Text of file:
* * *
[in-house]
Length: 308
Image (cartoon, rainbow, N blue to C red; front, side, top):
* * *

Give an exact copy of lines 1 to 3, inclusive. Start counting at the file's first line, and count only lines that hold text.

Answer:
[in-house]
Length: 308
Image (cartoon, rainbow, N blue to C red; front, side, top):